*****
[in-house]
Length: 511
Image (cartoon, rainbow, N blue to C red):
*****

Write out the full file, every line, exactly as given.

[in-house]
Length: 511
Image (cartoon, rainbow, N blue to C red):